Now, with the cost of property being relatively so much higher than it was when I was young, our children are staying closer to home, or sometimes at home, for a lot longer. We are sharing their daily lives more so that means that as parents, we have less time to ourselves, less time to work through our own stress, all the while also living their trials and tribulations over relationships, jobs, university courses, pets, car breakdowns or sporting injuries. In essence, they know we are here to help. But where does that leave us? I am beginning to realise that looking after our own mental health is more important than ever. If we don’t, we will be unable to support our children when they really need us most. Taking time to rebalance ourselves, a quiet moment or a walk in the fresh air. I have started walking my son’s dog at lunchtimes in the week. It gives me a reason to get outside, whatever the weather, time to be just me, to enjoy the simple things. It has also given a bit of structure to my day, albeit small, as after working from home for 8 months last year, I was then made redundant. I have found this last month since Christmas particularly difficult as we entered Lockdown 3, and I am struggling to feel upbeat about very much at all. I’m missing my work routine, the wonderful team I worked with and not having any kind of social life seems to be the icing on the cake. It’s not the best frame of mind to be in for searching for a new job in these uncertain times either! There are, of course, video calls and messaging but there just isn’t the same intimacy of sharing thoughts face to face and really engaging with a lovely friend or family member. A great friend of mine likened it to a form of grief! I have to agree as, while not wanting to trivialise real loss which has been suffered by so many more people in recent times, we are all grieving the loss of our own normal lives. Together with the uncertainties over how the furture will look, jobs, anxiety about financial loss and the ongoing confinement we are all enduring, and you have one enormous melting pot of stress.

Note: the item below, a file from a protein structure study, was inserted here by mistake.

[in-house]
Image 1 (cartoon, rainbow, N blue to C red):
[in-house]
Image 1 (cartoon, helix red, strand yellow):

My only advice is to make sure you don’t bottle it up. It is so vital to talk to someone and to know you are not alone. We all have this need to paint a picture of a perfect family unit, and it’s rarely true! I can guarantee that they are likely to have just as many worries as you, possibly not the same ones, but that’s not important. What is important is that you share your thoughts, you say it out loud! I talk to the dog on my walks which sounds mad and luckily we are in a very rural location so I don’t often see anyone, but he doesn’t judge me, I’m not asking him for solutions and it really helps me get things in perspective so I come home feeling a little brighter. Friends won’t judge you either. More than likely they will be comforted knowing you are going through the same sort of things. We are currently working through problems with all of our children so on the basis of my opening statement, we have a long way to go before we can claim to be happy again. But I jest a little, of course, while recognising that we are certainly struggling a bit ourselves.
Your children will also learn as they mature, that you are not a fathomless pot of resilience and that they need to look after you too. So, be kind to yourself, to others and, have hope that if we all pull together we will be through this pandemic soon, stronger, more resilient, more generous and more kind than we were before.
Bye for now and take care……….
If you are really concerned about a friend or if you need professional help yourself, you can contact the NHS helpline: https://www.nhs.uk/conditions/stress-anxiety-depression/mental-health-helplines